It’s hard to stay stagnant in business over the long run. The hope is that you’re gaining ground and growing your company and customer base. There’s the alternative, of course, but there’s no staying in neutral. Many companies try to retain and grow their market share by getting into price wars with their competitors. Others try to grow their reach by acquiring competitors.
Another option, one that can help make good companies great, is to grow market share and earn new customers through innovation.
Pricing wars can dissolve brand equity or attract customers from a different audience than your target personas. As for acquisitions — they don’t always guarantee success, and there are often growing pains associated there, too. Innovation, on the other hand, can create new income streams and increase value to existing customers, growing your revenue per customer substantially if the innovation is researched and executed properly.
Technology changes so rapidly that in order to survive, a company must be adept at keeping ahead of the curve. Thriving requires the creative, forward-thinking approach that drives innovative thinking so that you not only stay current, but in many cases one step ahead of the rest of your industry. Your customers will take notice and will often reward your innovations with loyalty.
Whereas invention is the creation of something entirely new, innovation is typically introducing something new to your business. The Conference Board of Canada explains four major types of business innovation.
This type of innovation could include creating a new division and product offering to meet growing consumer needs.
When a company improves current businesses systems — either their own or the industry standard — it can increase efficiency and get products in the hands of customers faster.
Develop new services or products that enhance existing offerings to increase your company-customer relationship timeline.
Most businesses have ways they can be more efficient or effective, and customers and front-line employees often think of these types of improvements as they use the product or interact with it. These innovations can affect the company, the customer, or a third party, such as the environment, which in turn can improve the company’s reputation.
Innovation elevates great companies because it gives them the perspective to put a spin on current opportunities and create new, useful solutions.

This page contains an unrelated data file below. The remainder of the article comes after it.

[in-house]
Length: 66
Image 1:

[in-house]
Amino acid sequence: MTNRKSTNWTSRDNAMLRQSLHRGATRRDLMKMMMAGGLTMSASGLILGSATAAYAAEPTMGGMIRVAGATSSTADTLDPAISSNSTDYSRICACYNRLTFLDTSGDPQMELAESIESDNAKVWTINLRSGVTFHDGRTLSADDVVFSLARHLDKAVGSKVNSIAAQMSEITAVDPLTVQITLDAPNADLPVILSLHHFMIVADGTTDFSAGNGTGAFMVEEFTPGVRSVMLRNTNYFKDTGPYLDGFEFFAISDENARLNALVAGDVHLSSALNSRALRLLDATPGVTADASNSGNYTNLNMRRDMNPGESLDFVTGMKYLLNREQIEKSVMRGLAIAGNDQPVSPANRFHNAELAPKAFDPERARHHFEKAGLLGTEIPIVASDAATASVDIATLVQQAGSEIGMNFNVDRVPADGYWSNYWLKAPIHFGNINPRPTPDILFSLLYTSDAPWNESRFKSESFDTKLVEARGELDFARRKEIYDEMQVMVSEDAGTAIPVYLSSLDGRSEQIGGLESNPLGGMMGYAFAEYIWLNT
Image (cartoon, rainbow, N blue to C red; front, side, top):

It can seem overwhelming to try something completely new for a business. Just like any big goal, you look around and wonder where to start. Fortunately, some of the most effective means of innovating start small and grow the creative process one step at a time.
More importantly, when a company wants to drive innovation, it needs its leadership to promote two specific lines of thinking.
In order to continually innovate, team members from the C-suite at the top of the organizational chart to the newest interns must learn to ask an important question: “How can we do this better?”
This mindset of repeatedly looking at your current business products, practices, and systems forges a culture of innovation and, with proper resulting actions, drives organizations to the forefront of their industries.
The second part of innovative thinking ties into answering the question above. An organization needs to be open to and encourage experimentation. Many times, innovation is the result of testing and experimenting with new ways of solving or addressing an old question.
Some of those experiments will not work, which is part of the innovation process. It’s only by being open to experimentation that you’re able to create better solutions. Encourage employees to create and grow without fearing the outcome.
Once you establish the culture necessary to drive innovation and help your organization continue to grow, it’s time to research multiple areas where you can innovate in order to enhance the relationship you have with your customers.